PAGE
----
Focusing on Women’s Heart Health
Heart attacks can sneak up on a woman with little or no warning. Knowing the signs associated with female cardiac arrest can save a life – perhaps yours.
Heart attacks fall under the broader category of heart disease which is the #1 Killer in America, according to the American Heart Association (AHA).
Each year, says the AHA, more than 356,000 out-of-hospital cardiac arrests (OHCA) claim almost all – 90 percent – of their victims in the U.S. A shocking 25 percent of them had no symptoms to warn of an impending heart malfunction.
Women are at higher risk for suffering a life-threatening heart attack than men. In 2013, a National Vital Statistics Report revealed that heart disease claimed the lives of one out of every four women in the U.S. – a total of 289,758 adult women.
Most people (regardless of gender) don’t know that heart disease is responsible for more female deaths than breast cancer. But about 5.8 percent of all white women in the U.S. have some form of heart disease. 64 percent of those women presented no symptoms before their affliction.
“Nearly 420,000 women died of heart disease, while 40,500 died of breast cancer in the U.S. in 2008,” reported Close the Gap.
Most heart attacks (68.5 percent) happen at home – yours or someone else’s. 21 percent strike in a public place and nursing homes account for 10.5 percent of cardiac failure outside a hospital inpatient setting.
Cardiac arrests are capricious. They may strike during intense physical activity or while resting. Stress and heredity can also contribute to developing a debilitating heart condition.
Recognizing these signs in women that a heart stoppage may be occurring can help you and others. In 37 percent of all cases of OHCA, there was someone else present – a witness or helper. Sometimes, it is this person who sees and understands the danger at hand – or at heart.
The warning signs for heart stoppage in women are different from men’s symptoms. It is not uncommon for women to experience three pain symptoms outside the chest (heart) region.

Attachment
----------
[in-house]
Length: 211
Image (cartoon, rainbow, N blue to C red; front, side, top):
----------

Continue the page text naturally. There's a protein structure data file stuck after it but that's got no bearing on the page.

Symptoms of Female Heart Attack
- An abrupt change in how you feel
- Angina (chest pain or discomfort that may be dull and heavy or sharp and burning)
- Pain in one or both arms
- Pressure in the center of the chest that may spread to an arm which lasts more than a few minutes, or goes away and comes back
- Pain that goes to the neck, jaw, or throat
- Pain in the upper abdomen or back
- Indigestion, heartburn or gas-like pain
- Lightheadedness, nausea or vomiting
- A cold sweat
- Excessive or unusual fatigue for several days or sudden onset
- Discomfort in the upper body
- Shortness of breath with or without chest discomfort
- Sleep disturbances
- Nothing – There may be no prior history of cardiac disease and no signs whatsoever that a heart attack is about to strike an unsuspecting female
Women’s doctors often miss the cardiac connection completely. Physicians such as Dr. Nieca Goldberg, cardiologist and medical director of the Joan H. Tisch Center for Women’s Health at NYU Langone are lobbying for greater awareness among healthcare providers to spot heart disease in women before it claims their lives:
“I’m really quite concerned about it,” said Dr. Tisch. “Sometimes the doctor is not putting it together…[physicians] need to change the course and trust and listen to patients to get the patient’s and their family’s whole story.”
Dr. Goldberg is on a mission to help women everywhere through education about heart attacks:
“We have to work to make sure our message about cardiac symptoms gets out to all women so they are better equipped when they have their symptoms. Most importantly, women are having the symptoms weeks before the heart attack starts, and [healthcare workers] need to find and urge them to get medical care to prevent them from going to the emergency department when it is too late.”
In slightly more than half of all arrests – 51 percent – the heart attack victim was alone, unobserved, and unattended.
One in five women attributed their heart attacks to stress and anxiety. Many thought they were suffering from bad indigestion or stomach acid reflux.
Persistent pain that was too bad to endure was what sent women (and men) who were not aware they had a bad heart to get professional help.